The U.S. Supreme Court's decision to retroactively ban automatic life sentences without parole for youths convicted of murder is an important step in the country's evolving attitude toward juvenile justice.

When the court first banned mandatory life without parole in 2012, it recognized that juvenile offenders have the possibility of being rehabilitated as they mature. But that ruling only applied to cases going forward. The court's decision Monday requires new sentencing hearings for juveniles convicted before 2012. That affects 1,500 inmates across the country. About 500 of them are imprisoned in Pennsylvania, and about 300 of that number were convicted in Philadelphia courts.

The new ruling doesn't prohibit state courts from ordering life-without-parole sentences. But before imposing a life sentence, a judge must consider whether a lesser prison term would be more appropriate. The majority opinion, written by Justice Anthony M. Kennedy, clearly restricts the harshest sentences for the "rare juvenile offender who exhibits such irretrievable depravity that rehabilitation is impossible and that life without parole is justified."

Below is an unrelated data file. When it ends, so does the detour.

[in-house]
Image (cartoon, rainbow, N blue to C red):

The case before the Supreme Court concerned Henry Montgomery, a Louisiana inmate who was 17 when he shot and killed a sheriff's deputy in Baton Rouge in 1963. Prison officials say Montgomery has become a model prisoner who mentors younger inmates. Like Montgomery, many inmates waiting to die in prison for crimes they committed as juveniles have probably changed.

Several states, including Louisiana, Michigan, and Pennsylvania, were reluctant to reopen cases after the court's previous ruling voiding life-without-parole sentences for juveniles. Pennsylvania did pass a law reducing the mandatory murder sentence for juveniles to 35 years for defendants 15 and older and 25 years for those younger than 15. But it was not applied retroactively.

The bill's sponsor, Senate Judiciary Committee Chairman Stewart Greenleaf (R., Montgomery), said it wasn't clear whether further legislation was needed or whether judges would be bound by the new guidelines in resentencing hearings. The logistics of reopening so many cases are daunting. Philadelphia District Attorney Seth Williams said his office was reviewing its options.

Meanwhile, the ruling on juvenile sentencing sets the stage for Pennsylvania to take an even bigger step: It should drop most mandatory minimum sentences. Mandatory sentences undermine judicial discretion and have largely proven useless in reducing crime. Inmates who serve long terms without the prospect of early release are more likely to come out hardened rather than rehabilitated. That doesn't make society safer.